573 Polypodium polypodioidesCommon Names: Resurrection fern, Pleopeltis polypodioides (syn.) Family: Polypodiaceae (the polypody fern Family)
Resurrection fern is an epiphyte that grows attached to branches of forest trees and sometimes upon rocks or dry ground. This fern's long thin rhizomes grow creeping along narrow cracks or in the furrows of the host tree's bark. Along the length of the rhizome the fronds are arranged in a linear fashion. They are about 6 in (15 cm) long and 1.5 in (4 cm) wide. The fronds are deeply incised, cut all the way to the rachis (the leaf stem). When dry the resurrection fern is gray, scaly and curled up in wad, but when moisture returns the fronds resurrect becoming soft and green and unfurling to regain its original shape.
Polypodium polypodioides occurs in hardwood forests from Delaware to southern Illinois, south to Texas and Florida and throughout tropical America. It also occurs naturally in southern Africa! In the southeastern United States, resurrection fern is often found on large, spreading branches high up in old live oaks (Quercus virginiana). It is often associated with another interesting epiphyte, Spanish moss (Tillandsia usneoides).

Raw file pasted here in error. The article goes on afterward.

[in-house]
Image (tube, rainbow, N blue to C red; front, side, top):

CultureLight: Full sunlight to partial shade. Moisture: Resurrection fern can withstand periods of drought by curling up and rolling inward, like a fiddle head, thus exposing less surface area and protecting itself from evaporative water loss. Hardiness: USDA Zones 6 - 11. Propagation: The rhizomes can be cut and divided into new plants.
You can maintain resurrection fern on the bark of an oak log, allowing it to dry out periodically, then spraying it with water to see it unfold in just minutes. But this weird little fern is at its best on living trees, especially large oaks. If resurrection fern isn't already growing naturally on trees in your garden, you can gather a starter plant from a fallen branch in the woods and inoculate your own trees. Get several inches of the thin rhizome and squeeze it into furrows in the bark of its new host.
Resurrection fern is not a parasite. It gets its water and nutrients from rain and dust, and causes no harm to the tree that supports it. This little plant is sometimes sold as a novelty item in gift shops and as a mail-order "miracle plant" on the back covers of comic books and magazines.
Steve Christman 9/27/99; updated 12/6/99, 3/1/03, 10/17/03, 3/11/16